Ethnocentrism and Your Brand

blogpost_ethnocenterism

Or: How to Exploit Patriotism for Profit

Do you have a friend that doesn’t have Instagram? In their presence, has a conversation, involving them or not, ever come up about Instagram? Has it ever taken more than 4 seconds for that person to jump into that conversation and exclaim that they don’t have Instagram? That person loves the fact that they’re not partaking in something that 8 billion other people are doing, because they think it makes them different. There’s this weird notion, spawned from page 1 of the guidance counsellor handbook, that different is good. Being different is the same as being cool.

And what did Uncle Jesse always say about being cool? There’s nothing more uncool than trying to be cool.

That person doesn’t have Instagram out of some pretend principal that they’re not caught up in other people’s shit and it’s just a vehicle for narcissism at it’s most obnoxious level. They’re right, but the truth is, revelling in your own anti-Instagram hipness is equal levels narcissistic as posting a selfie captioned with a chunky load of hashtag vomit. Same goes for vegans, gluten-free subhumans, people that don’t have tv’s, etc. (“How do you know someone’s a vegan? Oh they’ll tell you.”)

Now, in a classic journalistic manoeuvre, I’ll relate that anecdote to an entirely separate idea that this piece is actually all about. In this case, America is the self-absorbed selfie monger, and Canada is the shouting wind-up toy that doesn’t have Instagram.

I think the general consensus amongst Canadians is that we like America. Even though we think we’re the butt end of their jokes, we get a little giddy from it because at least we’re hanging out with them, at least they’re acknowledging our presence. There is however, a fundamental opinion that we Canadians think about Americans. They’re an uber narcissistic society that thinks they’re better than everyone else. The Canadian response to that notion, is to take on this anticentric persona and play it off like “oh those typical self-absorbed Americans, we’re way more modest and subtle than them.” Much like our Instagram/Anti-Instagram example, those two thought processes are equally as douchy.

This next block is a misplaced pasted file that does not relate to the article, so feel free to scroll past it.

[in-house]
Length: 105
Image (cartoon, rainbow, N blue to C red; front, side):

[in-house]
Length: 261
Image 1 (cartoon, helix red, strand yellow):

Canadians LOVE Canada. We think we’re the cat’s flannel pyjamas. We love Canada just as much as Americans love America, and what we often fail to realize is that there’s nothing wrong with that.

From a marketing perspective, this self-conscious admiration is seen as vulnerability. Big businesses and Corporations know exactly how to tap into that self-lovefest to make us buy their stuff. Sometimes it’s not so subtle, like, you know, how our top beer brand is named “Canadian”. Sometimes it’s a little more discrete, and since we pride ourselves on being subtle folks, we eat it right up. The primary example is fast food chains. There’s a fundamental rule in marketing: If McDonald’s is doing it, it works. And if they’re not doing it, but it works, they’re gonna start doing it.

Let’s examine the classic logos of some of our favourite joints:

blog_logos-american

Now let’s see the slight variation for their Canadian brands:

blog_logos-canadian

Looks so much more appetizing, right? Okay, it may sound a little overblown, but these are the little subtleties in branding that can ignite a consumer’s subconscious and send them into a Cheesy Gordita frenzy. Trust me, the guy who said “let’s use a maple leaf for the apostrophe” is sitting on an enormous yacht surrounded by naked women at this very moment. Us Canadians see that maple leaf and we go gaga.

Let’s have one more look:

blog_logos-mcd-american

That evil gross place you’ve heard about in the news that’s destroying our children.

blog_logos-mcd-canadian

“You know what, better make that a 10-piece” (We both know you just sang the jingle in your head.)

You might be wondering if it’s just Canada that is the subject of this trendy branding nuance. The answer is yes. Now, some of that is because of the design of the Canadian flag itself. Most countries don’t have a stand-alone symbol on their flag, let alone one that’s symmetrical and easily transferable. The maple leaf is a much easier additive to a logo than say, Sri Lanka’s Lion (though that would make for one badass apostrophe). But the main reason our flag is being plastered across these logos is because Canadian ethnocentrism is a greater marketing asset than that of most other countries, and these restaurants are using it to their advantage.

It’s easy to understand why Canadians love their country, it’s a frickin’ amazing place to live.

We shouldn’t be so shy about it, but that’s just how we are. And if you’re in business or marketing,  you shouldn’t be shy about using it to your advantage when building your brand. Those small, subtle distinctions that can tap into your consumers’ positive emotions can make a big difference about how they feel about your company.

Now, if you’ll excuse me, I’m going to go crush an entire Minions box to myself.

This post was generously written by our friend and strategic partner Benji Rothman. Benji manages social media and creates innovative branding strategies for some of Winnipeg’s best local businesses. If you’re a fan of many local Winnipeg business pages, you’ve probably seen his work!

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